From the deserts of Syria to the mountains of Central America to the coast of Thailand, the United Nations High Commission estimates that there are more refuges and internally displaced people today than at any time since World War II. Ban Ki-Moon, the Secretary General of the United Nations, has described this not as a crisis of migration, but as a crisis of solidarity. On April 29th, hundreds of psychologists, crisis workers and planners from academia, nongovernmental organizations, and transnational organizations from around the globe gathered at the United Nations Headquarters in New York to discuss psychology’s contribution to the migration crisis.
Social justice and human rights were at the heart of this meeting, the latest in an annual series of U.N. Psychology Days. This series has served to highlight the relevance of our field to the world’s most pressing problems, a relevance that was highlighted in opening and closing speeches by the co-hosts, the Ambassadors to the U.N. from El Salvador and Palau, two nations facing very different types of migration-related crises. In a series of panels in between these speakers, the presenters focused on increasing attention to, and awareness of, the impact of forced migration on youth and children, and the importance of cultural context in understanding and ameliorating the impact of the migration crisis.
- The first panel focused on the role of cultural integration in the process of resettlement. Refugees and migrants find themselves in new and often very different cultures from the ones they left, and obstacles to integration may deprive them of opportunities to succeed – while depriving the welcoming nations from the opportunity to gain advantage from the skills, knowledge, and diversity of immigrants. The panelists pointed to various models and approaches for the cultural integration of migrants, ranging from settlement houses to various modes of psychological crisis integration that can help ease the process of cultural integration.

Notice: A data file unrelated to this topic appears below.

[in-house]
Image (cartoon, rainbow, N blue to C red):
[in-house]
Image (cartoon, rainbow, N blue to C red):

- The experiences, and unique challenges for migrant children and youth were the focus of the second panel, which highlighted the importance of supporting the needs, rights and well-being of minors who have rarely made a choice, themselves, to enter the process of migration. A resilience-focused approach was described by the panel as being paramount to understanding the impact of the process on this survivor population. Other presenters focused on the impacts to mental health of the refugee journey, and highlighted the lack of mental health services available to minors, the obstacles to their accessing the services that do exist, and the role of language, culture, separation, and resilience in these young survivors.
Following the presentations, participants gathered for a less formal reception, where panelists, aid workers, psychologists – and students – could discuss the issues of the day, and form new relationships based on common interest and a dedication to advancing the role of psychology and mental health in addressing one of the world’s most pressing problems.
As a student, and a member of APAGS, UN Psychology Day was an uplifting experience: though the issues we discussed were challenging, seeing the body that represents the world’s nations put psychology at the heart of its discussion of those issues was inspiring, as was the opportunity to meet so many people who are working passionately to address and resolve the migration crisis. Next year, the UN will host its tenth annual psychology day – I hope to see you there!
Samira Paul is completing her second year as a doctoral student in clinical psychology at the American School of Professional Psychology at Argosy, Washington DC. She is the Diversity Chair for the District of Columbia’s Psychological Association, and the Advocacy Chair for the Maryland Psychological Association Graduate Students.